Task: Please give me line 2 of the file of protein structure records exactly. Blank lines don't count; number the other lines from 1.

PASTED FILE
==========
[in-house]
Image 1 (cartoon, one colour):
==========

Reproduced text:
Image 1 (cartoon, one colour):